bronchitispic Bronchitis is a respiratory disease in which the mucus membrane lining of the bronchial tubes (bronchi) in the lungs becomes inflamed.

The bronchial tubes are air passages that extend from the trachea (windpipe) into the small airways and tiny air sacs (alveoli) of the lungs.

As the lining of the bronchial tubes swells or gets infected, the mucus membrane thickens and eventually shuts off the airways.

The irritated bronchial passages make it difficult for patients to breath because oxygen cannot easily reach their lungs.

Patients often cough up heavy mucus called sputum or, in some cases, phlegm (mucus with bacteria and debris).

Other symptoms of bronchitis include shortness of breath, wheezing, and chest tightness in the airways.

The disease can affect both adults and children.

Bronchitis is one of the main conditions for which patients seek medical care in the United States.

The condition may be acute (lasting less than a few weeks) or chronic (long-term with a duration of at least three months).

Risks of bronchitis include:

  • Cigarette smoking
  • Exposure to a large amount of secondhand smoke
  • Weakened immune system
  • Gastroesophageal reflux disease (GERD)
  • Exposure to lung irritants (chemical fumes, vapors, grains, textiles), often in the workplace

Air pollution is a risk for acute bronchitis in preschool-aged kids.

Polluted air contains air particulates (PAHs) produced as by-products of vehicle exhaust, wood-burning stoves, tobacco smoke, coal burning, and grilling food.
Acute Bronchitis

Acute bronchitisAcute bronchitis usually lasts one to three weeks, and develops after a cold or upper respiratory infection such as the flu.

The infection moves into the bronchial tree – a network of respiratory structures located between the lungs and trachea — resulting in a hacking cough, sometimes with green sputum.

Other symptoms consist of chest discomfort or soreness, fever, and sometimes shortness of breath.

About 90 percent of cases are caused by a virus, with the remaining 10 percent triggered by bacterial infections.

Common viral causes of acute bronchitis consist of respiratory viruses that infect the upper respiratory tract such as influenza viruses A and B, parainfluenza viruses, adenovirus, respiratory syncytial virus, herpes simplex virus, rhinovirus, coxsackievirus groups A and B, and echovirus.

Acute bronchitis may also be caused by bacterial germs (pathogens) such as Mycoplasma pneumoniae and Chlamydophila pneumoniae.

Symptoms of acute bronchitis may include:

  • Inflammation of the bronchi
  • Coughing
  • Sore throat
  • Fever
  • A cough with production of clear, white, yellow, grey, or green sputum
  • Chest congestion, pain or discomfort
  • Shortness of breath, particularly with exertion.
  • Wheezing
  • Chills
  • Body aches
  • Nasal congestion (blocked or runny nose)
  • Fatigue

Diagnosis of Acute Bronchitis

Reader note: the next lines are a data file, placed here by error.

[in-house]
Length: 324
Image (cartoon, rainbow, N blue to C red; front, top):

Acute bronchitis is diagnosed during a medical exam and based on clinical symptoms such as wheezing or abnormal sounds of the lungs.

Family or personal medical histories may also reveal the likelihood that a patient has bronchitis.

Laboratory examinations include blood tests and sputum culture (a test to evaluate mucus coughed up from the lungs) to identify any bacterial cause.

An elevated temperature may indicate that bacterial bronchitis is present.

Chest X-rays may be needed to differentiate between bronchitis and pneumonia.

The doctor may also make oxygen saturation measurements to determine the amount of oxygen being carried by red blood cells.

Treatment of Acute Bronchitis

Bronchitis in healthy individuals is usually self-limiting, meaning that the disease resolves spontaneously on its own with or without specific treatment.

Antibiotics are not prescribed because acute bronchitis is generally caused by a virus. (Antibiotics are used primarily to treat bacterial infections.)

Patients are advised to rest, drink fluids, and breath warm and moist air.

They may be instructed to use therapies to reduce symptoms such as analgesics (such as acetaminophen), antipyretics (such as ibuprofen), antitussives (such as dextromethorphan), and expectorants (such as, guaifenesin).

If the patient has bacterial bronchitis as revealed on a positive sputum culture, then erythromycin or azithromycin may be prescribed.

Prognosis of Acute Bronchitis

The prognosis for acute bronchitis is good, although this condition may cause worsen the health of patients with an underlying heart or lung pulmonary disease.

Complications of acute bronchitis are rare but may include:

  • Bacterial superinfection
  • Pneumonia
  • Chronic bronchitis with repeated episodes of acute bronchitis
  • Reactive airway disease
  • Hemoptysis (coughing up of blood or bloody sputum from the lungs)

Prevention measures of acute bronchitis include:

  • Quit smoking
  • Avoid secondhand smoke
  • Maintain a clean environment
  • Receive a yearly influenza vaccine between October and December